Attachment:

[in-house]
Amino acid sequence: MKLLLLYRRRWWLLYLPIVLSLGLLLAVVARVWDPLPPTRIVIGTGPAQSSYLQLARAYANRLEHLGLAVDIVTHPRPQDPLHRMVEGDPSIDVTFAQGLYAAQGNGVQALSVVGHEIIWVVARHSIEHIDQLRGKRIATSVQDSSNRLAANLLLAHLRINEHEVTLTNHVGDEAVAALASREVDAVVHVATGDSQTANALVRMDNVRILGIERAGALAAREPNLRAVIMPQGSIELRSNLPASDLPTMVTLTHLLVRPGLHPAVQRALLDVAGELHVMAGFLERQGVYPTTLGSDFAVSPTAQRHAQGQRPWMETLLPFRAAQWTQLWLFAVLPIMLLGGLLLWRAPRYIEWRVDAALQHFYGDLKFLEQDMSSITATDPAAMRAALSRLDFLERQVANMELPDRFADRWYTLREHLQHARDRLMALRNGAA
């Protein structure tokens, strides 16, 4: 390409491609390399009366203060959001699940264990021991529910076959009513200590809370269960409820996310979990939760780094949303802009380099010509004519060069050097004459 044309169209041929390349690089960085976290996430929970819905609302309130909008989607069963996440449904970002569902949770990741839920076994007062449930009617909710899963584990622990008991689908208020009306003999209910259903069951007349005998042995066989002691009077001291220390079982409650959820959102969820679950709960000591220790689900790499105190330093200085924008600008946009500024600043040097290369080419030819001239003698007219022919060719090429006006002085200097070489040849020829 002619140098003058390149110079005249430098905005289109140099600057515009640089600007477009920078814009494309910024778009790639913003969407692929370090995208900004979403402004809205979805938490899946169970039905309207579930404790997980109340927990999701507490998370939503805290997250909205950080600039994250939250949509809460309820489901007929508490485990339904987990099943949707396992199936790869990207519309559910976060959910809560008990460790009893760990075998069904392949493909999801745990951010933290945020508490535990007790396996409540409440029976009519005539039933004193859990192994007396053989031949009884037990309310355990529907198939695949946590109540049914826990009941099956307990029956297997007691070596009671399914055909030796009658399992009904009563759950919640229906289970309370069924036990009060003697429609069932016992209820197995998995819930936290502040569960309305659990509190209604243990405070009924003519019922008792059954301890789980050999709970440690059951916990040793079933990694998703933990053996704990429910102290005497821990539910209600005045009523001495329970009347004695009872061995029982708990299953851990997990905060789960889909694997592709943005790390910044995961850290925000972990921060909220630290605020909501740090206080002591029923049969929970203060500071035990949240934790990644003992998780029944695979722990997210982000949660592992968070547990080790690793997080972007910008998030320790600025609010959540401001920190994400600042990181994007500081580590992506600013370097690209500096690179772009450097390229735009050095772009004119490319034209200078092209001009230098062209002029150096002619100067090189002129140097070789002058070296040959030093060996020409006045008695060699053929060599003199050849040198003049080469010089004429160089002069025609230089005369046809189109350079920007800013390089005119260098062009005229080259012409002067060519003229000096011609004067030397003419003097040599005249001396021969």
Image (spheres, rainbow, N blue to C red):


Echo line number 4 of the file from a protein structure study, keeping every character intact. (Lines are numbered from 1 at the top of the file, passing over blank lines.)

Image (spheres, rainbow, N blue to C red):